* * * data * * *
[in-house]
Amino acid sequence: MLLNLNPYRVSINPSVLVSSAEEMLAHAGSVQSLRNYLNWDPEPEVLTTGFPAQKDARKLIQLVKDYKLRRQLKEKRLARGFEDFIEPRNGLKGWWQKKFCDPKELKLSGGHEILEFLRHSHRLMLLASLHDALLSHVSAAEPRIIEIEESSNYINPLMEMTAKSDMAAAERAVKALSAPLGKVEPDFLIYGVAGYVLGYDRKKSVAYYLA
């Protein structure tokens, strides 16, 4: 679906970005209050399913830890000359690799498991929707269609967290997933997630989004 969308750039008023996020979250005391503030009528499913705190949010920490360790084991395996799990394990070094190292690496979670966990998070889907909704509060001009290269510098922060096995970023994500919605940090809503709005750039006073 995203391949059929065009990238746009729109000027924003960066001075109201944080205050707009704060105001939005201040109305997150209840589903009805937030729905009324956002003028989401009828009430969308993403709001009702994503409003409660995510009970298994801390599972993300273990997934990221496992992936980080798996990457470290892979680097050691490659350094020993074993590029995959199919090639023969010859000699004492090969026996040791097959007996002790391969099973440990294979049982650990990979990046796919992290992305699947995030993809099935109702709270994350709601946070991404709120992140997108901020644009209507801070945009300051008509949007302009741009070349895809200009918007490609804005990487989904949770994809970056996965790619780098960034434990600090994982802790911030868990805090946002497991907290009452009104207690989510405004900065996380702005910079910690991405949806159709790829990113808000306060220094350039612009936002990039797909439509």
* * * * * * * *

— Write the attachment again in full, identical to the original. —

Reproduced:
[in-house]
Amino acid sequence: MLLNLNPYRVSINPSVLVSSAEEMLAHAGSVQSLRNYLNWDPEPEVLTTGFPAQKDARKLIQLVKDYKLRRQLKEKRLARGFEDFIEPRNGLKGWWQKKFCDPKELKLSGGHEILEFLRHSHRLMLLASLHDALLSHVSAAEPRIIEIEESSNYINPLMEMTAKSDMAAAERAVKALSAPLGKVEPDFLIYGVAGYVLGYDRKKSVAYYLA
């Protein structure tokens, strides 16, 4: 679906970005209050399913830890000359690799498991929707269609967290997933997630989004 969308750039008023996020979250005391503030009528499913705190949010920490360790084991395996799990394990070094190292690496979670966990998070889907909704509060001009290269510098922060096995970023994500919605940090809503709005750039006073 995203391949059929065009990238746009729109000027924003960066001075109201944080205050707009704060105001939005201040109305997150209840589903009805937030729905009324956002003028989401009828009430969308993403709001009702994503409003409660995510009970298994801390599972993300273990997934990221496992992936980080798996990457470290892979680097050691490659350094020993074993590029995959199919090639023969010859000699004492090969026996040791097959007996002790391969099973440990294979049982650990990979990046796919992290992305699947995030993809099935109702709270994350709601946070991404709120992140997108901020644009209507801070945009300051008509949007302009741009070349895809200009918007490609804005990487989904949770994809970056996965790619780098960034434990600090994982802790911030868990805090946002497991907290009452009104207690989510405004900065996380702005910079910690991405949806159709790829990113808000306060220094350039612009936002990039797909439509």